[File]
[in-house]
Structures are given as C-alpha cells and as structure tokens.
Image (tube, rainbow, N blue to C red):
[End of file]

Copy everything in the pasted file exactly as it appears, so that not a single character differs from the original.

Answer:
[in-house]
Structures are given as C-alpha cells and as structure tokens.
Image (tube, rainbow, N blue to C red):